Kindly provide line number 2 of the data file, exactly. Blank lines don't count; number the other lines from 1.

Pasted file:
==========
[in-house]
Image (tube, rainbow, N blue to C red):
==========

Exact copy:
Image (tube, rainbow, N blue to C red):